Based on my observations, outside of the influence of Islam, the culture is based primarily on commerce. It’s a society of clans and as such, nepotism is everywhere. Locals, including guides, are quick to make recommendations. Though often good, their recommendations usually involve a brother or cousin or someone who will offer a kickback on purchases to the person making the recommendation. My primary guide Abdul wouldn’t take money from me because he said he made plenty of commission from the purchases I made while I was there. I was refreshingly surprised by his candor when I asked about how he got paid. I like the idea of hiring more than one guide so that you can access more than one circle of influence. All four of the guides we hired were outstanding.
Some of my favorite experiences in Marrakech include the following:
- Traversing the souks, the markets inside the Medina.
- Strolling the Djemaa el Fna, the old square inside the Medina. This is magical at night with entertainers, snake charmers, magicians, acrobats, musicians, etc. There are hundreds of open-air food stands with family style picnic tables and divinely aromatic smells coming from all directions. I’m told by Maryam that the food is safe and delicious, but my wife would not let us eat there for fear we’d get sick ;-‐(
- Traditional Hammam, an Islamic cleansing spa experience, is not to be missed! This is not a western spa experience; you’ve got to be a little tougher for this one.
- So many unbelievable restaurants. The guidebooks and sites are usually right, but some of the highlights for me include:
- Dinner at the La Mamounia hotel. Have drinks in the gardens behind the hotel too.
- Riad Monceau – wonderful dinner. I ate there twice!
- Dar Moha – had two amazing lunches here. It’s also walking distance from the Khalid Art Gallery.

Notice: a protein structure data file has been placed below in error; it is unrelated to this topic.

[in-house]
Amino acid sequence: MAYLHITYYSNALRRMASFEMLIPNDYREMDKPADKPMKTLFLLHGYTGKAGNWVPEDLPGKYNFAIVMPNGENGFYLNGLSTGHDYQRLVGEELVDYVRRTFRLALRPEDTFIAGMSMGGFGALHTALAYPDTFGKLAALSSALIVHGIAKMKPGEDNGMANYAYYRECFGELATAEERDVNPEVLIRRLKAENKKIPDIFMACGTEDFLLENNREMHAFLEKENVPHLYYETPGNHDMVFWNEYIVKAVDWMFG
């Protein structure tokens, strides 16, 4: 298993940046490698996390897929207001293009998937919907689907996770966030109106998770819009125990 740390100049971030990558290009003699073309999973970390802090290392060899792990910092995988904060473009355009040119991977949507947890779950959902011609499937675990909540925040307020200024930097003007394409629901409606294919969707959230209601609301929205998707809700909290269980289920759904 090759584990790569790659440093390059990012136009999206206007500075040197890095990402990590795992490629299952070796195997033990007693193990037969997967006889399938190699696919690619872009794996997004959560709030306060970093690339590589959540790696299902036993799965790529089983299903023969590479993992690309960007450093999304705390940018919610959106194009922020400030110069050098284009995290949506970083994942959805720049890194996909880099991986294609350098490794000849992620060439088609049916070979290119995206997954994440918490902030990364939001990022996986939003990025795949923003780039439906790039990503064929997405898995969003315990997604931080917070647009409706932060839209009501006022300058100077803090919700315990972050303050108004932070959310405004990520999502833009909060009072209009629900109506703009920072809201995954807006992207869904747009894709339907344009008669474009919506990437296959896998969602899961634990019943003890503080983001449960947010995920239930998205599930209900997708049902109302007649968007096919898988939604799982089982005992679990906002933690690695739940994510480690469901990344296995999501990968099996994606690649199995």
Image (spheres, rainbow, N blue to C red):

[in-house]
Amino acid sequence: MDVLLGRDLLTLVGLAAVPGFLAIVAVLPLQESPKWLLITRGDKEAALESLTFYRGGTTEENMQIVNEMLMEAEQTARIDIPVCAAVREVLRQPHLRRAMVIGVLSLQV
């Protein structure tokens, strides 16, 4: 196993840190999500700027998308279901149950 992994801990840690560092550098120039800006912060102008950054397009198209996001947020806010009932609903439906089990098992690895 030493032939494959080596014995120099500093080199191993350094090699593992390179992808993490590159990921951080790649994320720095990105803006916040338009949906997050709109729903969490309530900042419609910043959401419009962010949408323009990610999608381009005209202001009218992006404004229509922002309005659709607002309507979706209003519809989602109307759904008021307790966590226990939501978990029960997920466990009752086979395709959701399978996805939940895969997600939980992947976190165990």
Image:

- Le Foundouk – dinner on the rooftop was a treat.
- Dar Yacout – owned and renovated by the late world famous interior designer Bill Willis and is the most beautiful restaurant we dined in. I’m told the food is great too, but since this was our last night in Marrakech, and I’d already gained 10 lbs, I literally couldn’t eat another bite. I watched each of the ten courses come and go without eating anything!!! But the music and ambience were still magical.
- The Majorelle Gardens – owned by the estate of Yves Saint Laurent, this small, intimate and beautiful garden is home to an amazing Berber museum.
- Riding camels in the Palmery – touristy yes, but we had to do it.
- Shopping – Ninety percent of what is available is tourist crap. The souks are full of “Moroccan” trinkets – many actually made in China. Given my love of great finds and tenacity as a shopper, I was able to get the advice I needed that led me to what I was looking for. I came home with great rugs, beautiful early to mid-century European art, and amazing jewelry and objects of antiquity at great prices. Conning tourists is one of the staples of Moroccan commerce, so be aware.
- Historical architectural tour including the Ben Youssef Madrasa Koranic School. The 11th century architecture is something to behold.